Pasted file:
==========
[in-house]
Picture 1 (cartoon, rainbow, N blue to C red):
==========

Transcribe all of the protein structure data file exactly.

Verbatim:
[in-house]
Picture 1 (cartoon, rainbow, N blue to C red):